Do You Believe You Can Change?
Embracing the Potential to Change, Learn, and Improve
Let’s face it – change is part of life. And many of us, adults and kids, struggle with change. We’re asked to learn or do something and we think to ourselves, I can’t do this.
Sometimes the call for change, learning, or improvement comes from within ourselves. Other times, a wakeup opportunity is provoked by other people, work, community, or country. There are unlimited reasons to grow in response to the realities life throws at us.
Renowned Stanford University psychologist Carol Dweck calls these openings the “power of yet” (2014). Her research identifies characteristics of what she’s termed the growth mindset, a belief we can change and grow through effort, experience, and willingness to learn from mistakes and successes (2006). In contrast, a person with a fixed mindset believes we’re born with a certain amount of ability and that’s just who we are. According to Dweck, mindset impacts every facet of our lives including relationships, work, family, and personal achievement.
With a growth mindset comes the belief that anyone can get better at anything because capabilities improve with effort and action.
Stretching Toward Goals
We have more potential, stamina, and strength than we may let ourselves know. Developing skills through effort and hard work builds momentum to stretch toward desired goals. Growth mindset expands motivation to respond to life’s opportunities. For example, maybe you want to learn to play golf, or sing, or create pottery. In a fixed mindset, you may believe, “I’m no good at this so why bother trying.” With a growth mindset, you believe, “I can learn and practice to gain this skill. With experience I can get better. Let’s get started!”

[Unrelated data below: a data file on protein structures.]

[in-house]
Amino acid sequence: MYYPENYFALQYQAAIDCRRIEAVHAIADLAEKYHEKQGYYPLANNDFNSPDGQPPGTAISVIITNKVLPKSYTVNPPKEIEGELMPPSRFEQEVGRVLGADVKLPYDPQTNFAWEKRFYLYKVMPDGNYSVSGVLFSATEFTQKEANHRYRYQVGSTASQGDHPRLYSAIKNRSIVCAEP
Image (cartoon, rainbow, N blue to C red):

Waking Up Opportunities to Improve and Change
Actions, thoughts, and words matter. Pay attention to your self-talk. What do you say to yourself about your capacities to improve, change, and grow?
Self-Inquiry Ideas for Navigating Situations with a Growth Mindset:
- What can I learn from this? How can I grow or improve?
- How can I do this more effectively?
- How can I gain the skills I want or need to do this?
What messages do you send to people around you? Do your messages tell people they’re limited and you’re judging them, or do you let people know you believe in them and their potential?
Finally, consider the questions to inspire your growth mindset:
- How do I view mistakes and change – as problems or as opportunities for learning and growth?
- If I have a fixed mindset, how can I shift toward a growth mindset?
- How can I develop my potential and help others build their potential?
- How can I note the positives about a process, even if the outcome is not the desired one?
- How can I learn more effectively from my experiences?
Do you see yourself with a fixed mindset, a growth mindset, or somewhere in the middle? Where do you want to be? What effort and actions will you undertake to get there?
Resources and References to Learn More:
- Dweck, C. (September 22, 2015). ‘Carol Dweck Revisits the ‘Growth Mindset.’
- Dweck, C.(2006). Mindset: The new psychology of success. Random House, NY.
- Dweck C. (2014, December 17). Carol Dweck: The power of believing that you can improve (video file).
- Dweck, C. (2016). What having a “growth mindset” actually means, Harvard Business Review, Retrieved from https://hbr.org/2016/01/what-having-a-growth-mindset-actually-means
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